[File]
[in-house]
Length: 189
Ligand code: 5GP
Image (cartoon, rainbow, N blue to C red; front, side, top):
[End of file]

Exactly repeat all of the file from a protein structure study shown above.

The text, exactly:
[in-house]
Length: 189
Ligand code: 5GP
Image (cartoon, rainbow, N blue to C red; front, side, top):